Kingdom of Shadows by Alan Furst

Random House 2001 239 pp. 24.95

Copyright © Steven E. Alford 

I hope I’m not the first (and certainly won’t be the last) to say that Alan Furst is one of the most engaging writers of English-language fiction alive.  I resort to hand-waving hyperbole because I recently learned that Furst, author of six unforgettable novels of pre-World War II espionage and intrigue, doesn’t even have an American paperback contract.  With the publication of Kingdom of Shadows, Furst’s literary fortunes are sure to improve, even if his protagonists remain in small dark hotel rooms, smoking cigarettes, anxiously waiting for both daylight and the impending German domination of Europe. 

Paris, 1938.  The city is awash in foreigners, strolling uneasily down the boulevards, arranging clandestine meetings, and, in concert, raising a metaphorical finger into the air, testing it for Germany’s intentions.  No country is more likely to be affected than Hungary, bordering as it does on Austria and independent Slovakia, and sitting just a tank ride away from the German-speaking Czech Sudentenland. 

Nicholas Morath, forty-four, a Hungarian aristocrat, moves among the polyglot denizens of Paris with a smoothness born of long practice.  “He had black hair, thick, heavy, combed back from the forehead, a certain tightness around the eyes, ‘green’ on his passport but very close to black, and all that darkness made him seem pale, a fin-de-siècle decadent.” 

Technically, Morath is not a spy.  “Just someone who doesn’t like Hitler . . . doesn’t like Hitlers.”  However, fearing not only for his family (his mother refuses to leave her home in Budapest, secure in the delusion that the Nazis will be contained), but for his country as well, Nicholas follows the cryptic instructions of his uncle, Count Polanyi, a member of the Hungarian Legation in Paris.  With satchels of cash and pockets full of false identity papers, Morath moves stealthily through Eastern Europe, repaying “favors” his uncle has incurred with pseudonymous Roumanians, Ruthenians, and Hungarians.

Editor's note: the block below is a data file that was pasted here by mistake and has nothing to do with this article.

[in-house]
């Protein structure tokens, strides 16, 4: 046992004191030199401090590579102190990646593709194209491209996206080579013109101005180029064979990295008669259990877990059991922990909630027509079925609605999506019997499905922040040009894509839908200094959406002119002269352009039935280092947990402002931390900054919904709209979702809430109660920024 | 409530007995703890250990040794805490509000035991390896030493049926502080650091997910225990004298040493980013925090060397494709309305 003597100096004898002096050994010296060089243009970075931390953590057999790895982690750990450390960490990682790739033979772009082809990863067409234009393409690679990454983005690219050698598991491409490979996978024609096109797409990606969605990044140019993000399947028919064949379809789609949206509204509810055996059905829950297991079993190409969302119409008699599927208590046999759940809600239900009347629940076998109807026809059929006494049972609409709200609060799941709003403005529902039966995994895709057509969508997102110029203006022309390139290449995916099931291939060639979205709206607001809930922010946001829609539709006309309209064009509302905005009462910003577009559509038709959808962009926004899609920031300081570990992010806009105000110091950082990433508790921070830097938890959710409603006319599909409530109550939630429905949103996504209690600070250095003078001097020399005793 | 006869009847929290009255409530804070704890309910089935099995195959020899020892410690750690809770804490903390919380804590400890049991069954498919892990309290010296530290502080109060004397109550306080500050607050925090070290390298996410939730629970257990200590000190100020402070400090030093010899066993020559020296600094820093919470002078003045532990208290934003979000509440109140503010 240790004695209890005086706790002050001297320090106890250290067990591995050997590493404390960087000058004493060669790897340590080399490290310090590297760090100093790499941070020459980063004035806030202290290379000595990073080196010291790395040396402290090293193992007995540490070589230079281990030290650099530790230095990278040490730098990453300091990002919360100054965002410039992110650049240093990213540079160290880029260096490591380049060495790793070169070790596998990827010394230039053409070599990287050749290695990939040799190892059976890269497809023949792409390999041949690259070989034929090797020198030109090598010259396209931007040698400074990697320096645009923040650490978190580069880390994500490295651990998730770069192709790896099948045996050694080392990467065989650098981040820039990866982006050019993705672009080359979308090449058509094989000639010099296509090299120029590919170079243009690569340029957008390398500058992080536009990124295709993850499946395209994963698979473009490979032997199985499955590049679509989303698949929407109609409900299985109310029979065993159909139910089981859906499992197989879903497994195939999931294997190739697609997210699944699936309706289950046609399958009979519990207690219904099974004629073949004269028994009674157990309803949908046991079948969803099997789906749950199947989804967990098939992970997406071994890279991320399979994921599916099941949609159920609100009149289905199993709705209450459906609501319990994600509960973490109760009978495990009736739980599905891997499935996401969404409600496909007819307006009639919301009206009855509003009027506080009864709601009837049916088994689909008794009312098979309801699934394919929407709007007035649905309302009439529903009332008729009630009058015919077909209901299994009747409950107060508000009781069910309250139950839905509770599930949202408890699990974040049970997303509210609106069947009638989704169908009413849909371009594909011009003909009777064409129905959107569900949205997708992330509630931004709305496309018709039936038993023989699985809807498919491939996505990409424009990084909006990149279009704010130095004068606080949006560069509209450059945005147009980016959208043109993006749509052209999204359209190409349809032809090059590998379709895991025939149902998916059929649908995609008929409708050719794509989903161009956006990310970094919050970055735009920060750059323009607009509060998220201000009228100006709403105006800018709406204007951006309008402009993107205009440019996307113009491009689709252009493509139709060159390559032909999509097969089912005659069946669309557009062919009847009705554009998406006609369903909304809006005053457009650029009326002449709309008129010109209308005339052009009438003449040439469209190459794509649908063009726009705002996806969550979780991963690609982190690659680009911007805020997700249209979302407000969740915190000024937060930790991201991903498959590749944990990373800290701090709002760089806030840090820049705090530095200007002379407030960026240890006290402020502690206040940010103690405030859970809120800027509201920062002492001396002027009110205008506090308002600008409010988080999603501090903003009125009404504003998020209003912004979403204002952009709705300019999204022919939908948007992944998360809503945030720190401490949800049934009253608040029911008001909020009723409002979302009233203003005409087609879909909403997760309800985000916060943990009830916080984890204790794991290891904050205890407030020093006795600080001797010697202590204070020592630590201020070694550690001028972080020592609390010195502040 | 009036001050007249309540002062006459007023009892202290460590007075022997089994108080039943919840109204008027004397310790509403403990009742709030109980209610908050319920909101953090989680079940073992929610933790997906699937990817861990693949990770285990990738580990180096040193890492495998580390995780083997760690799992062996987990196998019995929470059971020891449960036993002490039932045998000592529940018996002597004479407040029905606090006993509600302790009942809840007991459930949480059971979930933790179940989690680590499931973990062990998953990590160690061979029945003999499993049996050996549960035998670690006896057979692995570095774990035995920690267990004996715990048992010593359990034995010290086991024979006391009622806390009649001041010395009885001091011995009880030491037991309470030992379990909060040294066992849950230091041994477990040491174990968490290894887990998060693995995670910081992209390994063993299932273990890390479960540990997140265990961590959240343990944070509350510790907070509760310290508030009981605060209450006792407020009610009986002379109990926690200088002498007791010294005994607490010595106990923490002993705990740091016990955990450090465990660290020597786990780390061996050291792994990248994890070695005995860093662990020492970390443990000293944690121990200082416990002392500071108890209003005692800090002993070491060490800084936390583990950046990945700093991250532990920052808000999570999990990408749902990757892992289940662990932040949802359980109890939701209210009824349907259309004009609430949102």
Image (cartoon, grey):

The newspapers call his circle of confidants “’the Shadow Front.’  Which is to say, liberals, legitimists, Jews, intellectuals.”  And they all have reason to fear violence in a cultural climate in which an anti-Semite is termed “one who detests the Jews more than necessary.”

While in Paris, Morath carries on a heated affair with the Argentinean beauty Caridad Valentina Maria Westendorf de Parra y Dionello, a.k.a., Cara, “from one of the wealthiest families in Buenos Aires.”  As “the world on the radio drifted idly toward blood and fire,” their relationship becomes similarly endangered.

In his writing, Furst is more concerned with conveying mood than plot, and Kingdom of Shadows is no exception.  There are instances of passport intrigue, money laundering, rescue of imprisoned friends, and, for Morath, a terrifying stay in prison, but these are served up not as pulpy excuses for melodramatic conflict, but as part of the fabric of Morath’s daily life. 

Furst’s ability to enthrall the reader rests in his mastery of both grand historical themes and daily, pre-War minutiae.  We do not so much watch his characters perform as walk along beside them, sharing their unspoken--and ultimately noble--aspirations, and recoiling from nameless bureaucrats, whose thin-lipped smiles evoke arid promises of prison, torture, and death.  In this, and his other novels, Furst characters are learning to “try and forgive the world for being what it is.” 

The quiet, businesslike pragmatism of Morath’s circle is sure to resonate with readers of Eric Ambler and lovers of [beginital] Casablanca [endital].  However, Furst is coolly establishing his own corpus that will no doubt one day engender comparisons of its own.  While not the best of his novels--that remains The World at Night--Kingdom of Shadows is as good a place as any to start experiencing the enchanting pleasures of Furst’s extraordinary fiction.